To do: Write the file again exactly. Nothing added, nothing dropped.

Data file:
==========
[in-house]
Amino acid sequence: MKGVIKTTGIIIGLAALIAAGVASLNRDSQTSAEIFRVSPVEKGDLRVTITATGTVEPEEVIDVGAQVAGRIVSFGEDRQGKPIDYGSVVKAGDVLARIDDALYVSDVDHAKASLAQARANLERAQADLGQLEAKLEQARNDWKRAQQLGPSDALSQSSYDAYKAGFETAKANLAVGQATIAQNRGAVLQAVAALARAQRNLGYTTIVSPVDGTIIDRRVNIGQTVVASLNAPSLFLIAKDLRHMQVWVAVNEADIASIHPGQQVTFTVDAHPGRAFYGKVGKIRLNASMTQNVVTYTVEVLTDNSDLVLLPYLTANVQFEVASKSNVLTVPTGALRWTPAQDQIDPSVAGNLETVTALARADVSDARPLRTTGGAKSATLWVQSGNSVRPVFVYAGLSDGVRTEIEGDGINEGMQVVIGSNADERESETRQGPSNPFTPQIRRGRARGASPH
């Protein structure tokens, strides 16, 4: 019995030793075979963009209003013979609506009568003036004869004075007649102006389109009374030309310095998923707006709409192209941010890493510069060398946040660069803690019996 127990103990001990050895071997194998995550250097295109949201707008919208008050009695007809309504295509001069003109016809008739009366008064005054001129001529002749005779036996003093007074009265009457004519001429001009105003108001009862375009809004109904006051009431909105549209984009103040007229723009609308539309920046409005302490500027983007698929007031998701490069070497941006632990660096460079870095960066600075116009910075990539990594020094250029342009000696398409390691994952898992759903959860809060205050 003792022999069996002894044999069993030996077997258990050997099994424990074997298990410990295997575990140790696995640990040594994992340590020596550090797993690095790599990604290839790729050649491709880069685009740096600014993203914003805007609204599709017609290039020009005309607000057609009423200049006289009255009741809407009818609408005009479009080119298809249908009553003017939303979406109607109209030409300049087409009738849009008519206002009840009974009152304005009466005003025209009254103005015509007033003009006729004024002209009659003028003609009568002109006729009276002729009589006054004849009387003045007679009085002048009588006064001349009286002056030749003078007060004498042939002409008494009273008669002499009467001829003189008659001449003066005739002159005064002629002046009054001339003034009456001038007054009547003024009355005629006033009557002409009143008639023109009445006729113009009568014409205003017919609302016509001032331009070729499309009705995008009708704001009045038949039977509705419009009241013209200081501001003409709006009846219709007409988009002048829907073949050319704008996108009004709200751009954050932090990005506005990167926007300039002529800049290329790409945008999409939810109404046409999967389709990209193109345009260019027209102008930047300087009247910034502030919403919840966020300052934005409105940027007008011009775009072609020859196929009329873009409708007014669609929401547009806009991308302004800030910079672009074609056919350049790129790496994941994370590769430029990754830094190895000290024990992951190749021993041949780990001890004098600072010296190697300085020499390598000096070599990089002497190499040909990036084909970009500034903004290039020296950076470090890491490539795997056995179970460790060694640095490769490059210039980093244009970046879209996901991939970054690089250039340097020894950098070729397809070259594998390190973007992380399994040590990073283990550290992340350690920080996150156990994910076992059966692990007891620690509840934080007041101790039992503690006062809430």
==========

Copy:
[in-house]
Amino acid sequence: MKGVIKTTGIIIGLAALIAAGVASLNRDSQTSAEIFRVSPVEKGDLRVTITATGTVEPEEVIDVGAQVAGRIVSFGEDRQGKPIDYGSVVKAGDVLARIDDALYVSDVDHAKASLAQARANLERAQADLGQLEAKLEQARNDWKRAQQLGPSDALSQSSYDAYKAGFETAKANLAVGQATIAQNRGAVLQAVAALARAQRNLGYTTIVSPVDGTIIDRRVNIGQTVVASLNAPSLFLIAKDLRHMQVWVAVNEADIASIHPGQQVTFTVDAHPGRAFYGKVGKIRLNASMTQNVVTYTVEVLTDNSDLVLLPYLTANVQFEVASKSNVLTVPTGALRWTPAQDQIDPSVAGNLETVTALARADVSDARPLRTTGGAKSATLWVQSGNSVRPVFVYAGLSDGVRTEIEGDGINEGMQVVIGSNADERESETRQGPSNPFTPQIRRGRARGASPH
């Protein structure tokens, strides 16, 4: 019995030793075979963009209003013979609506009568003036004869004075007649102006389109009374030309310095998923707006709409192209941010890493510069060398946040660069803690019996 127990103990001990050895071997194998995550250097295109949201707008919208008050009695007809309504295509001069003109016809008739009366008064005054001129001529002749005779036996003093007074009265009457004519001429001009105003108001009862375009809004109904006051009431909105549209984009103040007229723009609308539309920046409005302490500027983007698929007031998701490069070497941006632990660096460079870095960066600075116009910075990539990594020094250029342009000696398409390691994952898992759903959860809060205050 003792022999069996002894044999069993030996077997258990050997099994424990074997298990410990295997575990140790696995640990040594994992340590020596550090797993690095790599990604290839790729050649491709880069685009740096600014993203914003805007609204599709017609290039020009005309607000057609009423200049006289009255009741809407009818609408005009479009080119298809249908009553003017939303979406109607109209030409300049087409009738849009008519206002009840009974009152304005009466005003025209009254103005015509007033003009006729004024002209009659003028003609009568002109006729009276002729009589006054004849009387003045007679009085002048009588006064001349009286002056030749003078007060004498042939002409008494009273008669002499009467001829003189008659001449003066005739002159005064002629002046009054001339003034009456001038007054009547003024009355005629006033009557002409009143008639023109009445006729113009009568014409205003017919609302016509001032331009070729499309009705995008009708704001009045038949039977509705419009009241013209200081501001003409709006009846219709007409988009002048829907073949050319704008996108009004709200751009954050932090990005506005990167926007300039002529800049290329790409945008999409939810109404046409999967389709990209193109345009260019027209102008930047300087009247910034502030919403919840966020300052934005409105940027007008011009775009072609020859196929009329873009409708007014669609929401547009806009991308302004800030910079672009074609056919350049790129790496994941994370590769430029990754830094190895000290024990992951190749021993041949780990001890004098600072010296190697300085020499390598000096070599990089002497190499040909990036084909970009500034903004290039020296950076470090890491490539795997056995179970460790060694640095490769490059210039980093244009970046879209996901991939970054690089250039340097020894950098070729397809070259594998390190973007992380399994040590990073283990550290992340350690920080996150156990994910076992059966692990007891620690509840934080007041101790039992503690006062809430």